This paper presents a review of operational problems associated with orifice meters, and the influences of these problems on measurement bias. Many sources of error identified and reported in earlier publications are reviewed, and these historical data are combined with recent data collected at the Gas Technology Institute (GTI) Metering Research Facility (MRF). Examples include orifice plate geometries not specifically addressed by industry standards, characteristics of meter tubes, off-normal flow conditions and errors associated with differential pressure measurements. The paper presents quantitative information that can be used to reduce the costs associated with measurement bias and error in orifice meters.
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Document ID: 3353B835

Gas Sampling - Quality In Procedures Provides Accuracy In Results
Author(s): David J. Fish
Abstract/Introduction:
Interest levels with effective and accurate gas sampling techniques are currently at a very high priority within the natural gas industry. With the fluctuating ranges in natural gas prices, exploration interests, profitability, deregulation and consolidation of the work force, recoverable revenue must be accounted for. At large volume delivery points, a 3-5 BTU error in energy determination can cost companies tens of thousands of dollars within a very short time period. Accurate sampling techniques must be implemented with equal interest as is given to accurate volume measurement. MMBTU is the total of volume and energy. Sampling is the energy determination delivery system for this equation. Proper knowledge and correct implementation of the primary methods of sampling will provide a quality minded sampling program for the measurement personnel in natural gas companies.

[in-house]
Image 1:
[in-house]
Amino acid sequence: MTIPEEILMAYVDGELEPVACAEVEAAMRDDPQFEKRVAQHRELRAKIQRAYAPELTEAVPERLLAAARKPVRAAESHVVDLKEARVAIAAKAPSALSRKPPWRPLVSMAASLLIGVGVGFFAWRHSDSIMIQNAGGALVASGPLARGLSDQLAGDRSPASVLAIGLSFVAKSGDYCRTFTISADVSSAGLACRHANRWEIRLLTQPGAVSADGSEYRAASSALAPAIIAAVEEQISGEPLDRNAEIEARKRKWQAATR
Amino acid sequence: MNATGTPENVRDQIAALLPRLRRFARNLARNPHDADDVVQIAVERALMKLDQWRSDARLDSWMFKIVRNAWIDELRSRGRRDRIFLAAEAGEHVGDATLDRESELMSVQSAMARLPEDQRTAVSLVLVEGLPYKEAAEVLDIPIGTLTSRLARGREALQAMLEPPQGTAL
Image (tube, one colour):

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Document ID: B80A03A9

Scada Encryption In Practice
Author(s): George A. Shaw
Abstract/Introduction: